LOL. I was, for three years after grad school, a kindergarten teacher with a very high proportion of special ed. kids in my class. We were usually around 35 to 40 students stuck in a room that was built for 25, and we had no air conditioning in 100+ weather, and often no paper to color on because there was no budget for it. I bought almost all my teaching supplies. We spent most of our time dancing to Raffi songs (if you remember him you’ve probably been a teacher, too), listening to me read storybooks (ha! I had a captive audience) and learning to count to 100 or do a cooking project. I pride myself that in my third year of teaching (with two books out) I was my school’s Teacher of the Year. Every autumn I still miss the smell of chalk and tempera paint. But I kept my cats at home or they would have been tempera-painted, too. (Also, I swear I never used magic once on a student.)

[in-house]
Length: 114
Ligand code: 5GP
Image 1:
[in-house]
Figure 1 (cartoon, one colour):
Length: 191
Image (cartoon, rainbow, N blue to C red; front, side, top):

3) Out of all your characters, which do you think resemble you the most, and why?

No fair. I can’t pick. Honestly, I couldn’t write from each girl’s POV if I didn’t feel exactly like her at the time. I’ve got a lot of Elena and Mary-Lynnette in me, but then I’ve got a lot of Bonnie and Gillian Lennox (from the NIGHT WORLD series) there too. I was never an evil manipulator (especially of young men) like Elena, but I’m stubborn and I plan. Also I’m far more shy than any character I have yet written, except maybe Cassie of THE SECRET CIRCLE trilogy. I suppose if you strapped me to the rack and brought out the red-hot toasting forks I would say, “Most like Cassie and Jenny (of THE FORBIDDEN GAME) but with delusions of grandeur of being someone brave and canny and competent like Dee (same FORBIDDEN GAME) or wild and reckless like Jez (NIGHT WORLD).”